A review of loss and damage in the Caribbean (1994 to 2024)


June 2024

Loss and damage from climate change has been the lived reality of Caribbean small island developing states (SIDS) for decades. Despite efforts to adapt, it is reversing development gains, leaving lasting financial stress, and causing irreparable damage, including the loss of cultural heritage. This report is the first to provide a systematic overview of how Caribbean countries are framing and reporting on loss and damage.

The 1.5°C limit and risks of overshoot


April 2024

This briefing looks at what the 1.5°C limit means in terms of adaptation and loss and damage for the most vulnerable countries and regions. It finds that slowing down warming is critical to buy us time to adapt and also to avoid irreversible loss and damage. Even if warming rises above 1.5°C (overshoot) we can bring it down again with ambitious emissions reductions.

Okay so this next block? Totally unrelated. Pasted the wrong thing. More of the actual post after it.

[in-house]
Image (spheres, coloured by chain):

Le seuil de +1,5°C et le risque de dépassement de ce seuil


April 2024

Ce rapport examine ce que la limite de 1,5 °C signifie en termes d'adaptation et de pertes et dommages pour les pays et régions les plus vulnérables. Il constate qu'il est essentiel de ralentir le réchauffement pour nous donner le temps de nous adapter et pour éviter des pertes et des dommages irréversibles. Même si le réchauffement dépasse 1,5 °C, nous pouvons le faire baisser à nouveau en réduisant les émissions de manière ambitieuse.

Effectiveness of water-related adaptation decreases with increasing warming

Peer-reviewed Papers

March 2024

When it comes to water, adaptation to climate change becomes less effective when warming is above 1.5°C, according to a new study looking at water-related climate risk at 1.5°C, 2°C, 3°C, and 4°C of warming. The study finds adaptation needs to go hand-in-hand with ambitious emissions reductions and decarbonisation.